Timeline of the port of Melbourne

​1835​Arrival of John Batman in the Rebecca.
​1835​John Pascoe Fawkner arrived in the schooner Enterprize and moored near present day William Street. On a second trip later that year, Fawkner landed two cows, two calves and two horses.
​1839​The bank of the Yarra River served as a wharf and wharfage rates were collected.
​1848​First wooden bridge across the Yarra River.
​1853​The gold rush brought new arrivals. 138 ships were anchored in Hobsons Bay.
​1854​Australian Wharf, 600 m long, was built downstream from Spencer Street.
​1854​Opening of the Hobson's Bay Railway Company's line from Melbourne to Railway Pier (now Station Pier) in Sandridge.
​1877​Formation of the Melbourne Harbor Trust.
​1879​English engineer, Sir John Coode, recommended development of a canal to improve access for ships.
​1883​The Rip at Port Phillip Heads deepened using explosives.
​1887​Coode Canal opened.
​1893​West Melbourne Dock (now Victoria Dock) opened to shipping.
​1902​Coode Canal deepened to 25 feet and widened from 100 to 145 feet.
​1908​The ‘Great White Fleet’ arrived in Melbourne as part of President Theodore Roosevelt’s aim to project US naval power.
​1914​Opening of the Panama Canal.
​1915​For enlisting employees during World War 1, the Harbor Trust made up the difference between military pay and the pay they received from the Trust up to a value of £200.
​1915​New Railway Pier (now Princes Pier) opened.
​1916​Deepening the Port Phillip Heads was interrupted due to a lack of explosives. Troop carriers left from Railway Pier (now Station Pier) and by 1916 Australia had sent 220,000 men overseas.
​1917​The Harbor Trust’s 1916 Annual Report was not published until the end of 1917 because of an absence of staff on war service.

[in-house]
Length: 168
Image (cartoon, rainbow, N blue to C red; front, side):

​1927​The Harbor Trust had a labour force of more than 1000 and boasted the eighth largest deep water port in the British Empire.
​1934​Post-Great Depression, the Harbor Trust employed 517 people.
​1941​Port Phillip Heads deepened to 48 feet. During wartime, the Harbor Trust provided engineering expertise to other strategic ports in the north, including Darwin and Townsville.
​1942​With the threat of invasion, war plans included the destruction of the ports of Melbourne and Geelong. This included ships, ferries, dredges and tugs being scuttled in the entrance to the port. Station Pier and Princes Pier would be blown up, coal stocks burnt and oil supplies discharged and ignited.
​1945​Post-war program of development and reconstruction.
​1950​The Harbor Trust established a mobile first aid service and improved fire fighting capabilities which included a roster of 54 watchmen carrying out patrols in the docks.
​1955​The reconstructed Breakwater Pier was opened and serviced the tanker Stanvac Australia which had a deadweight of 26,000 tons. Australia’s one millionth post-war migrant arrived at Station Pier.
​1956​The port hosted arrivals for the 1956 Melbourne Olympic Games, including Her Majesty Queen Elizabeth II. Appleton Dock was opened to shipping.
​1958Princess of Tasmania started shipping services from Webb Dock.
​1960​Early development of the swampy marshland of Coode Island to accommodate liquid bulk trades.
​1963​Gellibrand Pier was reopened for crude oil tankers.
​1965​Harbor Trust Chairman, Victor Swanson, guided plans to establish a dedicated container dock in Melbourne. As the first vice-president of the International Association of Ports and Harbors (IAPH), Swanson had visited international ports to prepare Melbourne for the newly emerging container trade.
1969​​Victorian Governor, Sir Rohan Delacombe, officially opened Melbourne’s first overseas container berth at Swanson Dock West. The first coastal and international container ships were MV Kanimbla and Encounter Bay respectively.
​1974​Sister port relationship established with the Port of Osaka.
​1978​Melbourne Harbor Trust became the Port of Melbourne Authority.